StatusThe thesis was presented on the 10 May, 2012
Approved by NCAA on the 5 July, 2012
Key words: motor system connectivity, epilepsy, Parkinson, stroke.
Research domain: neurology.
Aim of study: is to evaluate the correlative intercortical connections of the motor areas in health and in pathology.
Objectives are: 1. Assessment of general features of structural and functional connectivity in the region of motor areas in healthy subjects. 2. Determining the general trends of change in structural and functional connectivity in the region of motor areas in patients with idiopathic generalised epilepsy, Parkinson‟s disease and stroke. 3. Assessing the correlative relationships and general trends of change in structural and functional connectivity in the region of motor areas, in patients and in healthy subjects.
Research novelty and originality: For the first time are presented the interrelations for functional and structural connectivity in the motor region at different levels of brain damage. As a premier is presented the change of cortical thickness in stroke patients compared with control subjects in the insular region, with thickness decreasing for the healthy hemisphere and increased thickness for the lesioned hemisphere.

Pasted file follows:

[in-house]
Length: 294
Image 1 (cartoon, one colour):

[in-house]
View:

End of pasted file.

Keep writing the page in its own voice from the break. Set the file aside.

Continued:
Important scientific problem that was solved: This work presents the main criterias for cerebral plasticity changes in dependance of the level of cerebral pathology.
Theoretical value: determining connectivity changes for motor regions at different levels of cerebral damage.
Applied value: knowledge of specific criteria of brain plasticity for different cerebral levels and various pathologies, with adaptation of rehabilitation and research methods.
Practical implementation: adaptation of rehabilitation and research methods of brain pathologies depending on the level of damage, by correlation with general criteria for brain plasticity and cerebral adaptation.